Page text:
Most Read: Politics

Read In

Now Viewing: People from around the country looking at Post Politics section

See what's being read across the country ›

Social Surface: Politics

Federal Eye
Posted at 01:20 PM ET, 08/01/2012

OMB offers few specifics on sequestration

The Obama administration’s budget chief warned Wednesday that threatened automatic budget cuts would have a devastating effect on the government, but he provided few details of the specific impact on federal workers and agencies at a congressional hearing.

In testimony before the House Armed Services Committee, Jeff Zients, acting director of the Office of Management and Budget, described areas
Jeff Zients, acting director of the Office of Management and Budget. (LARRY DOWNING - REUTERS)
of public safety that would suffer in the event of sequestration, including reductions in the number of FBI and Border Patrol agents, cuts to Federal Aviation Administration operations, and fewer food safety and workplace inspections.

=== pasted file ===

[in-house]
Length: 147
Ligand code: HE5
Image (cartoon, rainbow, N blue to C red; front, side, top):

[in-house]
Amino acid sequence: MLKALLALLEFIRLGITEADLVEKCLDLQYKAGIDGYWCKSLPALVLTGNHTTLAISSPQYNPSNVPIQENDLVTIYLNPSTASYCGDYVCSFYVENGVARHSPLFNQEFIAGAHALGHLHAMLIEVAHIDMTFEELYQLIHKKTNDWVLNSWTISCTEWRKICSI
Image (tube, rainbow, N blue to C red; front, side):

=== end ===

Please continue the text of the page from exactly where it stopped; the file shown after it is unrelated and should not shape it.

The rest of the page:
Zients said all federal agencies will be ready to impose sequestration on Jan. 2 if no deficit agreement is reached to avoid the automatic cuts, but he did not provide specific details of the preparations. “We will be ready across the government if unfortunately Congress doesn’t do its job,” Zients said.

In sharp exchanges, Republican members laid responsibility for the budget crisis on the president while Zients blamed Republican intransigence.

In his testimony to the committee, Deputy Secretary of Defense Ashton B. Carter said the Pentagon would probably release temporary employees and impose a partial hiring freeze or unpaid furloughs in the event of sequestration.

But Carter said the Department of Defense does not want to “unnecessarily alarm our employees” by warning of possible personnel cuts, fearing it could introduce inefficiency and waste and harm military readiness.

OMB announced earlier this week that spending cuts would not hurt uniformed military personnel.

Carter said sequestration “introduces senseless chaos” into the management of defense programs and warned that the cuts could create a “hollow” military force.

Military families and retirees could be hurt with cuts to support facilities, school construction, commissary, and base housing, Carter added.

By  |  01:20 PM ET, 08/01/2012

 
Read what others are saying
     

    © 2011 The Washington Post Company